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What's antiquated in the US may not be so in Latin America

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Some of you may be familiar with my series of articles on antiquated structural systems in the STRUCTURE Magazine. The same articles are being “reprinted” online at Architecture Week (http://www.architectureweek.com/).

 

I received a very interesting response to article #4 on prefabricated clay and masonry block framing systems from Julio Guillén that I thought would be worthwhile sharing with the List.

 

Here it is minus the embedded images that I know can’t be sent to the List Server:

 

 

I read your interesting article, published in Architecture Week. These systems are still in use in Spain, Cuba, Mexico and other Latin American countries.

 

As an architect in Cuba in 1987-1997 I was in charge of building a factory for the production of precast pre-tensioned beams (viguetas – small beams) for one of these structural systems. The factory included also a facility to produce the concrete block infill tiles. They are called bovedillas in Spanish, due to the fact that structurally they act as small vaults - bovedas. The equipment had been bought in Spain (Cataluña) by the Cuban Ministry of Construction Materials, for which I was working as an employee. (There is no private practice of architecture in Cuba). Once the factory was finished, we started using it in the construction of dwellings and small commercial/office buildings.

In Spain the system is very popular and used for residential and light commercial work, with spans of up to 21 feet, and cantilevered up to 9 feet. The Spanish Normas Basicas de Edificacion of that time used to have a lot of detail about this type of construction.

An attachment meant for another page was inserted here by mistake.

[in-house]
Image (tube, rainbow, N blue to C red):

As for the older types of systems, working in Cuba in restoring older buildings gave us a lot of experience on them too. They were very popular from the 1910’s to the 1930’s, when cast in place concrete replace this kind of systems. Still in the 1950’s a Cuban architect re-introduced a similar type of construction system, with precast concrete beams and clay tile arched units. This system was used until the late 60’s with the trade name PEPSA.

In Mexico several systems of this type are used. You can see an example in http://www.losaryd.com.mx/sistema.htm (Mexico, with infill tiles made of polystirene), http://vigatec-eirl.com/index..html (Peru), etc.

I hop this e-mail would be of interest to you. If you are interested in some more details about this subject, please do not hesitate to contact me.

 

Julio Guillén 

CDT, LEED® AP

Project Manager

CIVICA

Architecture and Urban Design

AA #26001093

8323 NW 12th Street, Suite 106, Doral, FL 33126

Ph.: 305.593.9959 (W) - 305.898.6385 (M)

Fax: (305) 593-9855

 

 

D. Matthew Stuart, P.E., S.E., F.ASCE, SECB

Senior Project Manager

Structural Department

Associate

Engineers and Consultants - CMX

200 Route 9

Manalapan, NJ 07726

732-577-9000 (Ext. 308)

908-309-8657 (Cell)

732-298-9441 (Fax)

mstuart(--nospam--at)CMXEngineering.com